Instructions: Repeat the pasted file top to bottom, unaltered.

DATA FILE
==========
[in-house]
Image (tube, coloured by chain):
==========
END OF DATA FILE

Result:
[in-house]
Image (tube, coloured by chain):